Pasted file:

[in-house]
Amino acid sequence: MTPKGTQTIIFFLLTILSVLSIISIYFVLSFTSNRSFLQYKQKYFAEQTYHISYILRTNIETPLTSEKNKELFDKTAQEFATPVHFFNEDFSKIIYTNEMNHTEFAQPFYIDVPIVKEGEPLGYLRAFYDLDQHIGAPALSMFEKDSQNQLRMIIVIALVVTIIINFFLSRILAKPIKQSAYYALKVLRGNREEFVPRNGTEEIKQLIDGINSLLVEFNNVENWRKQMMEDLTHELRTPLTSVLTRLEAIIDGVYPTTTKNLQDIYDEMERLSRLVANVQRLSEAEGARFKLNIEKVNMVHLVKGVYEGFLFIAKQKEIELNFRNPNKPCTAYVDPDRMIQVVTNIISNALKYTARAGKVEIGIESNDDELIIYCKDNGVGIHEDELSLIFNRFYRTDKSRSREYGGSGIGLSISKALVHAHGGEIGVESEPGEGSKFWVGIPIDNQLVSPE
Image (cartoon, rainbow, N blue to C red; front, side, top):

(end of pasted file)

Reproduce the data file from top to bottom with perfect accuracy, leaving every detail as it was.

[in-house]
Amino acid sequence: MTPKGTQTIIFFLLTILSVLSIISIYFVLSFTSNRSFLQYKQKYFAEQTYHISYILRTNIETPLTSEKNKELFDKTAQEFATPVHFFNEDFSKIIYTNEMNHTEFAQPFYIDVPIVKEGEPLGYLRAFYDLDQHIGAPALSMFEKDSQNQLRMIIVIALVVTIIINFFLSRILAKPIKQSAYYALKVLRGNREEFVPRNGTEEIKQLIDGINSLLVEFNNVENWRKQMMEDLTHELRTPLTSVLTRLEAIIDGVYPTTTKNLQDIYDEMERLSRLVANVQRLSEAEGARFKLNIEKVNMVHLVKGVYEGFLFIAKQKEIELNFRNPNKPCTAYVDPDRMIQVVTNIISNALKYTARAGKVEIGIESNDDELIIYCKDNGVGIHEDELSLIFNRFYRTDKSRSREYGGSGIGLSISKALVHAHGGEIGVESEPGEGSKFWVGIPIDNQLVSPE
Image (cartoon, rainbow, N blue to C red; front, side, top):